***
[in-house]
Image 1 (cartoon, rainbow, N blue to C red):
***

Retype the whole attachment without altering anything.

[in-house]
Image 1 (cartoon, rainbow, N blue to C red):